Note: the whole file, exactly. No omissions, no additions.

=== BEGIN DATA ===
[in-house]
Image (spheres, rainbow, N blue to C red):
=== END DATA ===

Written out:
[in-house]
Image (spheres, rainbow, N blue to C red):